By STEVE HATHCOCK
Special to the PRESS
I remember a time my friend Bill Bieker and I were on a hunt for an old US army encampment we had heard about. A friend of Bill’s had stumbled upon the site on his ranch after Hurricane Brett had brushed the Island back in 1999. Though the storm had missed hitting the Valley head on; the ensuing rains had carved huge gullies in a hilly area about 5 miles back from the main highway.
Located high on a bluff overlooking the river near Rio Grande City, this site would have been used as a base of operations for forward observers during the Mexican War of 1846. Bill’s friend had found four U.S. Army Dragoon buttons in a washout area about 20 feet below the peak. Bill and I climbed hills and crawled over snags for several hours with out finding any military artifacts.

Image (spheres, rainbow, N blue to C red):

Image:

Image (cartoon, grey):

As dusk gathered we knew it was time to call it quits. Always the optimist, Bill decided to explore a washout area along the old river bottom. Fire blackened stones were the first clue to what we had stumbled upon. Suddenly Bill stooped down and picked up a perfectly formed arrowhead. We had found an ancient Native American campsite! During the next few minutes of remaining daylight, we found several scrapers, part of an old stone knife and an oddly shaped piece of wood.
It was the piece of wood that held my attention. I’ve always been fascinated by the strange shapes and figures created by the forces of nature. Some would look at this piece of driftwood and only see a scrap of root, washed down the slope by a spring flood years ago and left to bake under the hot Texas sun.
What do you see?
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